Is college worth it? That question may seem far-fetched, but more people are asking it as the cost of college has skyrocketed. The average cost of college has risen close with annual growth rate of 9% over the past 20 years according to the Education Data Initiative.
The Choice of Community College
Much of Gen-Z feel that a high school education is “all you need to ensure financial security” writes Paul Tough in the New York Times magazine. But there is another road that many high school graduates are taking — community colleges. These are two-year institutions that often offer a wide range of courses, and many younger students can stay home. For public community colleges, the average tuition is approximately $5,000 per year for in-state students.
The Dollar Advantage of College
Despite the feeling among many younger people that a high school diploma is all that is needed, college graduates, on average, make $1.2 million more over their lifetime. Many believe, and backed by data, that incurring a calculated amount of student debt while seeking a marketable degree that could lead to a well-compensated profession may pay off, but that’s still a risky endeavor.
For parents planning for college, it may be helpful to know that prices vary depending on the type of institution and its location, according to the College Board. One price doesn’t fit all. The average 2022-23 public four-year in-state tuition and fees range from $6,370 in Florida and $6,440 in Wyoming to $17,020 in New Hampshire and $17,650 in Vermont. Of course, no one is suggesting you pack up the family and move to a state based on your ideal price point.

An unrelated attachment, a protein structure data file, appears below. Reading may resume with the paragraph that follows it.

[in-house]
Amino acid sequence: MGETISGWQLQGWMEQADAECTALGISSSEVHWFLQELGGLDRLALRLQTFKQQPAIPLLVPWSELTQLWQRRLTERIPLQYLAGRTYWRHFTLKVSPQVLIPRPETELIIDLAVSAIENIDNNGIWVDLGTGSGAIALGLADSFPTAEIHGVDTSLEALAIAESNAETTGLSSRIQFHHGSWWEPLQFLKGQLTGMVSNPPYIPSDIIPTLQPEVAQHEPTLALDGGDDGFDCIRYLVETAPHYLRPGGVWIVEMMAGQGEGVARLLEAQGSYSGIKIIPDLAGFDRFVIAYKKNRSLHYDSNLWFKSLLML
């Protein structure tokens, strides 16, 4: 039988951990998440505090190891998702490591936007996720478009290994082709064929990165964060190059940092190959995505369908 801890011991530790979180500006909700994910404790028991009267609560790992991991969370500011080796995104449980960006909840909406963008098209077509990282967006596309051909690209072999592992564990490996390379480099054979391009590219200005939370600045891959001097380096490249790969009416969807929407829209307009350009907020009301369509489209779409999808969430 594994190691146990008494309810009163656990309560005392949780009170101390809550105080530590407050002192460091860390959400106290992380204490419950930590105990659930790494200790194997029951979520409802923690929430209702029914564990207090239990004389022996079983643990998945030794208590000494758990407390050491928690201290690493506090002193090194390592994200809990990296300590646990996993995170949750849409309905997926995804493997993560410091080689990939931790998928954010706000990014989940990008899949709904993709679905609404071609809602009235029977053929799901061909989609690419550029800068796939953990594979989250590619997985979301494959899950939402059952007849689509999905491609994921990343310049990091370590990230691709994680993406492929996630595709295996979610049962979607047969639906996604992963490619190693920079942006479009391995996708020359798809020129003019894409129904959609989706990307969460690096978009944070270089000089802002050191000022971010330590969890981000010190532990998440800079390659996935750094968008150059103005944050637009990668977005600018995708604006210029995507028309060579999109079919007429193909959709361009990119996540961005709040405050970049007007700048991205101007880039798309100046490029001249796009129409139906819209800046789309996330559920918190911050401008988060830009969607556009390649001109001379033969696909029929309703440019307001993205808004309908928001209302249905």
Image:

About 78% of families said they eliminated a college from consideration at some point in their research and application process due to cost, according to the 2023 Sallie Mae Survey How America Pays for College. But many higher education experts recommend that prospective students look beyond published prices, since the tuition listed may not be the actual amount they’ll pay after financial aid and institutional grants, according to Emma Kerr and Sarah Wood of the US News and World Report.
Many parents will have to borrow and will often look for a loan that offers the lowest interest rate, but there are other considerations that go beyond interest rates. It could mean choosing a product that might not be the cheapest alternative right now, but the long-term outlook could offer you more flexibility.
As always, if you have more questions about where and when to start saving for college, your options with community college and how financial aid fits into your future college plans, speak with a Barnum financial professional. Get yourself on the right track today!